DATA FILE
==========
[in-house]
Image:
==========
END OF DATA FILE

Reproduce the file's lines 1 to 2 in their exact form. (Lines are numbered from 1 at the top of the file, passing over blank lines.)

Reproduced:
[in-house]
Image: